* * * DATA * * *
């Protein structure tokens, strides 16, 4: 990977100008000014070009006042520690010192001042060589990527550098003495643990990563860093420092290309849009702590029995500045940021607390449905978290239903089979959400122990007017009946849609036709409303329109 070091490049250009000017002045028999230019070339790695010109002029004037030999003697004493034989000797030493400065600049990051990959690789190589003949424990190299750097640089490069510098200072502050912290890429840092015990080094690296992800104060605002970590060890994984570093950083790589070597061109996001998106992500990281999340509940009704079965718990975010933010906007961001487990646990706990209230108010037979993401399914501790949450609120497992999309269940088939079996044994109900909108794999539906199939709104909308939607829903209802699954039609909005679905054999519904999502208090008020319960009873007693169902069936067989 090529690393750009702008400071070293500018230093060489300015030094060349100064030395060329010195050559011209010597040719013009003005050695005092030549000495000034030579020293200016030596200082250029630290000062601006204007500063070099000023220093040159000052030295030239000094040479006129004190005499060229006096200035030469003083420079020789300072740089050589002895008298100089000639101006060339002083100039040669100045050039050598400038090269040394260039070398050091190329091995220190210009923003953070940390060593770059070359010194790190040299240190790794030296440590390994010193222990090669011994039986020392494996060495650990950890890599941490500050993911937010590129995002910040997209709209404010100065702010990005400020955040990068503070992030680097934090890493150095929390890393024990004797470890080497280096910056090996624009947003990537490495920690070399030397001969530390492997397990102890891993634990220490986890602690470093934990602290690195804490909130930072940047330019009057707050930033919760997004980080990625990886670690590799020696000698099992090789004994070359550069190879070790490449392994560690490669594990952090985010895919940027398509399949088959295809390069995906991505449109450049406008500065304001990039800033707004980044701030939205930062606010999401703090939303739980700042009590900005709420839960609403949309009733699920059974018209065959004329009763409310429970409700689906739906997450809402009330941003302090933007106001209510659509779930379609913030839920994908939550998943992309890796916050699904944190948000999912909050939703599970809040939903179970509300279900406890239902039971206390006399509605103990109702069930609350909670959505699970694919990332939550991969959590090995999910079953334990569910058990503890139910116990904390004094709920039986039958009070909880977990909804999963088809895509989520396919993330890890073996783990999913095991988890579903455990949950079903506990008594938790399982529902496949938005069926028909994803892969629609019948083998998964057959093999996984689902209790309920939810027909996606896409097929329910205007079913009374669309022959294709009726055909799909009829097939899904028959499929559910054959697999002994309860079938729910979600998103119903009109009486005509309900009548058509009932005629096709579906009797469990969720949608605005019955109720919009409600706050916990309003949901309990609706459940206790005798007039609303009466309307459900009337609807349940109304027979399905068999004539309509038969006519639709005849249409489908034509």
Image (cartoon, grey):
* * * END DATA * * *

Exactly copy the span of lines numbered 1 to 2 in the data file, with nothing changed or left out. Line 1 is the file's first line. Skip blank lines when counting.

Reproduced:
């Protein structure tokens, strides 16, 4: 990977100008000014070009006042520690010192001042060589990527550098003495643990990563860093420092290309849009702590029995500045940021607390449905978290239903089979959400122990007017009946849609036709409303329109 070091490049250009000017002045028999230019070339790695010109002029004037030999003697004493034989000797030493400065600049990051990959690789190589003949424990190299750097640089490069510098200072502050912290890429840092015990080094690296992800104060605002970590060890994984570093950083790589070597061109996001998106992500990281999340509940009704079965718990975010933010906007961001487990646990706990209230108010037979993401399914501790949450609120497992999309269940088939079996044994109900909108794999539906199939709104909308939607829903209802699954039609909005679905054999519904999502208090008020319960009873007693169902069936067989 090529690393750009702008400071070293500018230093060489300015030094060349100064030395060329010195050559011209010597040719013009003005050695005092030549000495000034030579020293200016030596200082250029630290000062601006204007500063070099000023220093040159000052030295030239000094040479006129004190005499060229006096200035030469003083420079020789300072740089050589002895008298100089000639101006060339002083100039040669100045050039050598400038090269040394260039070398050091190329091995220190210009923003953070940390060593770059070359010194790190040299240190790794030296440590390994010193222990090669011994039986020392494996060495650990950890890599941490500050993911937010590129995002910040997209709209404010100065702010990005400020955040990068503070992030680097934090890493150095929390890393024990004797470890080497280096910056090996624009947003990537490495920690070399030397001969530390492997397990102890891993634990220490986890602690470093934990602290690195804490909130930072940047330019009057707050930033919760997004980080990625990886670690590799020696000698099992090789004994070359550069190879070790490449392994560690490669594990952090985010895919940027398509399949088959295809390069995906991505449109450049406008500065304001990039800033707004980044701030939205930062606010999401703090939303739980700042009590900005709420839960609403949309009733699920059974018209065959004329009763409310429970409700689906739906997450809402009330941003302090933007106001209510659509779930379609913030839920994908939550998943992309890796916050699904944190948000999912909050939703599970809040939903179970509300279900406890239902039971206390006399509605103990109702069930609350909670959505699970694919990332939550991969959590090995999910079953334990569910058990503890139910116990904390004094709920039986039958009070909880977990909804999963088809895509989520396919993330890890073996783990999913095991988890579903455990949950079903506990008594938790399982529902496949938005069926028909994803892969629609019948083998998964057959093999996984689902209790309920939810027909996606896409097929329910205007079913009374669309022959294709009726055909799909009829097939899904028959499929559910054959697999002994309860079938729910979600998103119903009109009486005509309900009548058509009932005629096709579906009797469990969720949608605005019955109720919009409600706050916990309003949901309990609706459940206790005798007039609303009466309307459900009337609807349940109304027979399905068999004539309509038969006519639709005849249409489908034509």
Image (cartoon, grey):